The roots of a staple crop

June 03, 2020

About 9,000 years ago in the Balsas River Valley of southwestern Mexico, hunter-gatherers began domesticating teosinte, a wild grass. Fast-forward to the present, and what was a humble perennial has been turned into the world's biggest grain crop: maize.

Humanity deeply relies on maize, or corn, but just when it became a major food crop in the Americas has been a source of mystery and dispute.

Now, a UC Santa Barbara researcher and his collaborators, by testing the skeletons of an "unparalleled" collection of human skeletal remains in Belize, have demonstrated that maize had become a staple in the Americas 4,700 years ago.

In a new paper, "Early isotopic evidence for maize as a staple grain in the Americas" in the journal Science Advances, Douglas J. Kennett, a UCSB anthropology professor, details how the discovery of human skeletons buried in a rock-shelter over a period of 10,000 years opened a window on maize consumption nearly three millennia before the rise of Maya civilization.

"What this paper shows is that by 4,700 years ago," Kennett said, "there is a significant shift towards maize cultivation and consumption, exceeding what we would consider to be a staple grain. And by 4,000 years ago maize was a persistently used staple and its importance continues through the Classic Maya period and until today."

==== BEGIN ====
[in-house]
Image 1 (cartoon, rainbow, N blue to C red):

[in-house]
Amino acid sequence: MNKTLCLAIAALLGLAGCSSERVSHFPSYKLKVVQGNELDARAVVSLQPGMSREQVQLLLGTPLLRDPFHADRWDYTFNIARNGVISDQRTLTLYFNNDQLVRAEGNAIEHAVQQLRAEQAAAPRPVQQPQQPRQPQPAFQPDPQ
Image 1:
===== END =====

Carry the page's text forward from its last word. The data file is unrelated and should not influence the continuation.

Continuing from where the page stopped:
Kennett, the paper's lead author, said the breakthrough came with the discovery of two rock-shelters with remarkably well-preserved skeletal remains in the Maya Mountains of Belize. Bones in the Neotropics typically degrade because of heat and humidity, but these rock shelters preserved the skeletal material well enough to measure stable isotopes revealing the diets of these people prior to death.

"The lowland Neotropics is not kind to organic material," Kennett said. "Bones degrade quickly if left out in the open. But these are special sites because they provide dry shelter from the elements that helps preserve bones that we were able to extract collagen from for nitrogen and carbon isotope analysis."

Maize synthesizes carbon using a distinctive photosynthetic pathway, which is evident isotopically in people that consume this important cultigen. There are very few plants in the lowland Neotropics that synthesize carbon in this way, so it's clear isotopically when people start eating substantial amounts of maize.

Skeletons dated to older than 4,700 years ago show minimal or no maize consumption. Some individuals dated to 4,700 to 4,000 years ago, however, show about 30% of maize consumption -- what Kennett calls a transitional period. By 4,000 years ago the carbon isotopic evidence indicates that maize consisted of more than 70% of the diet of individuals in the Maya lowlands.

"If you measured the isotopic composition of Maya people today," he said, "they would look very similar because they're consuming a great deal of maize on a daily basis. In terms of broader significance, this is the earliest evidence for the use of maize as a staple in the Americas that we're aware of so far."

The transition to agriculture in the Neotropics, as evidenced by the use of maize as a staple, has tantalizing implications for the rise of Maya civilization. As Kennett notes, where the Maya came from and when they moved into the area are still open questions. Classic Period Maya society didn't start to develop until about 2,000 years ago.